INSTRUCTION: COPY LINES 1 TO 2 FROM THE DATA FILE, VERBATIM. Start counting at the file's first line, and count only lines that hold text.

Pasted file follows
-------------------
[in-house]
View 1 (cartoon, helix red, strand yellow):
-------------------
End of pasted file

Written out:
[in-house]
View 1 (cartoon, helix red, strand yellow):